Aging is an accumulation of molecular damage and its consequences. The greater the level of damage, the greater the dysfunction in organs and the immune system, then the closer the individual comes to the arbitrary dividing line at which that dysfunction becomes a formal, named age-related disease. Further, the more damage, the higher the mortality rate. Given this view of aging, it should be no great surprise to find that the longest lived people have a history of comparatively little age-related disease: the only ways to become extremely old are to either (a) have accumulated damage at a slower rate that everyone else, most likely through lifestyle choices, or (b) bear genetic variants that increase resistance to some forms of damage and consequence. In either case, cell and tissue damage, aging, longevity, and age-related disease are all linked together, facets of the same whole.
In a large cohort of predominantly male community-dwelling elderly veterans, centenarians had a lower incidence of chronic illness than those in their 80s and 90s. The centenarian population is one of the fastest growing in the country, according to the United States Social Security Administration. They are predicted to exceed one million by the close of this century, little is known about why this generation has achieved such longevity. In a recent study, researchers looked primarily at octogenarians, nonagenarians, and centenarians within the Veterans Affairs medical system. The sample that they studied comprised mostly of white males that had fought in World War II. “Additionally, this generation lived through the Great Depression. It is a wonder, considering the hardships they had faced, that they have achieved such longevity.”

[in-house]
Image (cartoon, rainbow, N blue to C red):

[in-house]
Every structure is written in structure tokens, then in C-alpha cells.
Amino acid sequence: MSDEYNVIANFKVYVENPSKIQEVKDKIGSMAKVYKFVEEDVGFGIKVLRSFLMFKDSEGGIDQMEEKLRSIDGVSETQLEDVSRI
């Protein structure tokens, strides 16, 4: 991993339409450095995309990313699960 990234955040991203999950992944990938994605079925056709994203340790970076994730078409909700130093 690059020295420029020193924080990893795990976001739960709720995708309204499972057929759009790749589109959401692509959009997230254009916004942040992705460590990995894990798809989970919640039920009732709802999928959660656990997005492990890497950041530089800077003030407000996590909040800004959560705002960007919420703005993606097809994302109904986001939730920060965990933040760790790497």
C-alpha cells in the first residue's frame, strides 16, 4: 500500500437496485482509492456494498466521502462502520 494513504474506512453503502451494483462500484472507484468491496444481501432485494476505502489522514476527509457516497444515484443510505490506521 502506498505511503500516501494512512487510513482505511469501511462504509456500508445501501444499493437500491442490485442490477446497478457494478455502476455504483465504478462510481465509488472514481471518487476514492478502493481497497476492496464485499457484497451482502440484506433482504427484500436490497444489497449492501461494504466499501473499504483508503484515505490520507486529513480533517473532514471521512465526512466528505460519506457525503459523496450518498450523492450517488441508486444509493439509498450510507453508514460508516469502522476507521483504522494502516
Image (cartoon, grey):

A key factor that the research team observed in these individuals is that, due to their military background, many had a developed sense of discipline and therefore were keen to make healthy decisions; many did not smoke or drink. The team also offered the hypothesis of compression of morbidity as a potential explanation for the extended health span in an individual’s life span. The hypothesis states that the lifetime burden of illness could be reduced if the onset of chronic illness is postponed until very late in life, or in other words “the older you get, the healthier you have been.”
Ninety-seven percent of centenarians were male, 88.0% were white, 31.8% were widowed, 87.5% served in World War II, and 63.9% did not have a service-related disability. The incidence rates of chronic illnesses were higher in octogenarians than centenarians (atrial fibrillation, 15.0% vs 0.6%; heart failure, 19.3% vs 0.4%; chronic obstructive pulmonary disease, 17.9% vs 0.6%; hypertension, 29.6% vs 3.0%; end-stage renal disease, 7.2% vs 0.1%; malignancy, 14.1% vs 0.6%; diabetes mellitus, 11.1% vs 0.4%; stroke, 4.6% vs 0.4%) and in nonagenarians than centenarians (atrial fibrillation, 13.2% vs 3.5%; heart failure, 15.8% vs 3.3%; chronic obstructive pulmonary disease, 11.8% vs 3.5%; hypertension, 27.2% vs 12.8%; end-stage renal disease, 11.9% vs 4.5%; malignancy, 8.6% vs 2.3%; diabetes mellitus, 7.5% vs 2.2%; and stroke, 3.5% vs 1.3%).